Today I`ll learn you how to say phrase : "My horse is dead" in some foreign languges...
English: My horse is dead.
German: Mein Pferd ist gestorben.
Spanish: Mi caballo es muerto.
Latin: Meus equus mortuus est.
Czech: Muj kun je mrtvej.
Afrikaans: My perd is doed.
Zulu: Mashawena pondeli!
If you speak some more language, please write this phrase into comments... :)
BTW, here's my contribution to the list; in Chinese you would write:
1. Wôde mâ sîle - My horse is dead (implicit meaning of "le" particle: a change of state, i.e., the horse was alive, it is now dead). A more accurate translation would read "My horse has died", though I think the utterance provided would also work in the first sense. If not, I welcome native Chinese speakers to clarify this dual translation if I, having Chinese as my fourth language (after English and French), have got it wrong.
2. Wôde mâ sîguo - My horse died (a past event; "guo", apart from other meanings, is a particle signaling that the verb that precedes it is in past form).
Pronunciation, by the way, is slightly difficult -and different from the letters given- because the "pinyin" (transcription system) is not phonetically transparent from the linguistic perspective of a Westerner, and in Chinese intonation influences meaning (the strange roof accent on top of the letters, though it should be inverted, signals 3rd tone, i.e., dipping+rising intonation pattern)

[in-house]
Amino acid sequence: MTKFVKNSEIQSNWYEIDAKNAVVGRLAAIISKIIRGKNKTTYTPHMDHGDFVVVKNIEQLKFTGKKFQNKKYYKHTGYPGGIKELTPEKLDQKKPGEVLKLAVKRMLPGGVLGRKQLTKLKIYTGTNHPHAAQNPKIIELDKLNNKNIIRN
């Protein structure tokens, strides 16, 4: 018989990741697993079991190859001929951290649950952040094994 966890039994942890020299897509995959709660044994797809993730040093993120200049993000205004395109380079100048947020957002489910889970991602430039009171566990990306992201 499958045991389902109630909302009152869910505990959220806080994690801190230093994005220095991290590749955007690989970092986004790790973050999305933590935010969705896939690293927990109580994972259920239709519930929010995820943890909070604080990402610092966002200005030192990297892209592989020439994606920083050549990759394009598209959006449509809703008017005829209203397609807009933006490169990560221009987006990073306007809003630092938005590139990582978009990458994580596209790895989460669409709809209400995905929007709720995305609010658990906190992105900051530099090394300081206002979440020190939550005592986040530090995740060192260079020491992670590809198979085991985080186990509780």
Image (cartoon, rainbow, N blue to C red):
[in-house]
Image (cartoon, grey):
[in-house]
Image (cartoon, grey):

Salud y Libertad!
Just a minor correction for the Spanish example: it should be "Mi caballo está muerto"; otherwise, using "es" (3rd person singular form of the verb "ser") is both bizarre and unusual, and it is normally used to point out that a certain quality is inherent to the horse (e.g.: Ese caballo es negro = That horse is black). Spanish has two verbs "ser" (as in "él es alto-he's tall") y "estar" (to be in a given location, e.g. "to be at home-estar en casa") for the English verb "to be", hence the confusion.